As global plastic waste increases, science turns to specialized microbes to degrade previously non-degradable plastics. A bacterial species found growing in a plastic recycling plant, Ideonella sakaiensis 201-F6, exhibits an incredible and rarely seen ability to use the common plastic, PET, as its major energy source.
While there are 7 official codes to distinguish between plastics, set by the Society of Plastic Industries, there really are only 2 types that regularly get recycled: polyethylene terephthalate (PET, code 1) and high density polyethylene (HDPE, code 2). PET is the most common polymer of the polyester family; it is used in a variety of materials including fibers for clothing production, containers for liquid storage, in custom forms for manufacturing processes and in combination with glass fibre for producing resins used in engineering. The monomeric structure is bis(2-hydroxyethyl) terephthalate (see Figure 2) and can be easily made into a polymer through an esterification process.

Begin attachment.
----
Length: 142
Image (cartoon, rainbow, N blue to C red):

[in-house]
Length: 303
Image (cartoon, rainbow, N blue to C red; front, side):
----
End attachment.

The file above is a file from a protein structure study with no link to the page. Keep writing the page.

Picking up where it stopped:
More than 60% of the PET manufactured globally is used in the production of synthetic fibers (also called polyester), and 30% is used in the manufacture of bottles, often used for soft drink distribution. The remainder of PET is used in varying products such as solar cells, liners in gas cylinders, and even as a 3D-printing material. Though incredibly useful for multiple uses, PET is highly resistant to biodegradation, and has even been implicated in endocrine disorders due to the leaching of hormone-mimicking compounds such as phthalates and antimony into the water or soda PET bottles are often manufactured to hold.